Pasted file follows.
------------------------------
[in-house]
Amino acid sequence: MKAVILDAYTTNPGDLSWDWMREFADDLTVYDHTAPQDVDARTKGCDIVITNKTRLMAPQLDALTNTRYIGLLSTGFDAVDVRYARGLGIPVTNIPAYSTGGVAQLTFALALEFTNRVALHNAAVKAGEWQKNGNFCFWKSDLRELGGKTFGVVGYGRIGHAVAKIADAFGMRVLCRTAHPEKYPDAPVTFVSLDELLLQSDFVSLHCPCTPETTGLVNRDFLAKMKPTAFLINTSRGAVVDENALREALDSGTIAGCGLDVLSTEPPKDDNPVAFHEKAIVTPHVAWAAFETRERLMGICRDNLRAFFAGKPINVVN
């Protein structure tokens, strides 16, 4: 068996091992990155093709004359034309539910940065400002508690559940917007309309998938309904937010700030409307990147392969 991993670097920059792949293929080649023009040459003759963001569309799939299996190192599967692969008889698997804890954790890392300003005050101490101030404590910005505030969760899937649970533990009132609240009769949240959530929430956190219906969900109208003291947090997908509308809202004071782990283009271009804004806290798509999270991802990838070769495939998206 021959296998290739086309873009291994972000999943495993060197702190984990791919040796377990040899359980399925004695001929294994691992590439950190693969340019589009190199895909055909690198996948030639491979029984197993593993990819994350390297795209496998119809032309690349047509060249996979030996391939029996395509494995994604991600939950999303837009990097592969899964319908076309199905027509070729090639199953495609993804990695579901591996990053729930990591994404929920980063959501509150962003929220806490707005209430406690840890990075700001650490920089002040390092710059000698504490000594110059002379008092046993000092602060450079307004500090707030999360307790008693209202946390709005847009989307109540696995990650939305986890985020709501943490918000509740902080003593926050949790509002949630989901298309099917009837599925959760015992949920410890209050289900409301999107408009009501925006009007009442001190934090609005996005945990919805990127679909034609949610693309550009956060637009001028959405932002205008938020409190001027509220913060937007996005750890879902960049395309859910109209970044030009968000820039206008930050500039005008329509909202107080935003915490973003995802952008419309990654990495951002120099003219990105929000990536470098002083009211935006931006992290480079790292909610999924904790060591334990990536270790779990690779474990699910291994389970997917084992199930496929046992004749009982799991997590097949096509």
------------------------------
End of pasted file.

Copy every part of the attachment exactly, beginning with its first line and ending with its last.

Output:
[in-house]
Amino acid sequence: MKAVILDAYTTNPGDLSWDWMREFADDLTVYDHTAPQDVDARTKGCDIVITNKTRLMAPQLDALTNTRYIGLLSTGFDAVDVRYARGLGIPVTNIPAYSTGGVAQLTFALALEFTNRVALHNAAVKAGEWQKNGNFCFWKSDLRELGGKTFGVVGYGRIGHAVAKIADAFGMRVLCRTAHPEKYPDAPVTFVSLDELLLQSDFVSLHCPCTPETTGLVNRDFLAKMKPTAFLINTSRGAVVDENALREALDSGTIAGCGLDVLSTEPPKDDNPVAFHEKAIVTPHVAWAAFETRERLMGICRDNLRAFFAGKPINVVN
């Protein structure tokens, strides 16, 4: 068996091992990155093709004359034309539910940065400002508690559940917007309309998938309904937010700030409307990147392969 991993670097920059792949293929080649023009040459003759963001569309799939299996190192599967692969008889698997804890954790890392300003005050101490101030404590910005505030969760899937649970533990009132609240009769949240959530929430956190219906969900109208003291947090997908509308809202004071782990283009271009804004806290798509999270991802990838070769495939998206 021959296998290739086309873009291994972000999943495993060197702190984990791919040796377990040899359980399925004695001929294994691992590439950190693969340019589009190199895909055909690198996948030639491979029984197993593993990819994350390297795209496998119809032309690349047509060249996979030996391939029996395509494995994604991600939950999303837009990097592969899964319908076309199905027509070729090639199953495609993804990695579901591996990053729930990591994404929920980063959501509150962003929220806490707005209430406690840890990075700001650490920089002040390092710059000698504490000594110059002379008092046993000092602060450079307004500090707030999360307790008693209202946390709005847009989307109540696995990650939305986890985020709501943490918000509740902080003593926050949790509002949630989901298309099917009837599925959760015992949920410890209050289900409301999107408009009501925006009007009442001190934090609005996005945990919805990127679909034609949610693309550009956060637009001028959405932002205008938020409190001027509220913060937007996005750890879902960049395309859910109209970044030009968000820039206008930050500039005008329509909202107080935003915490973003995802952008419309990654990495951002120099003219990105929000990536470098002083009211935006931006992290480079790292909610999924904790060591334990990536270790779990690779474990699910291994389970997917084992199930496929046992004749009982799991997590097949096509």